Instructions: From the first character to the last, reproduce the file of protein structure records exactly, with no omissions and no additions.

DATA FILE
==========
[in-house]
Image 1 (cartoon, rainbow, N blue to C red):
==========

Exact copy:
[in-house]
Image 1 (cartoon, rainbow, N blue to C red):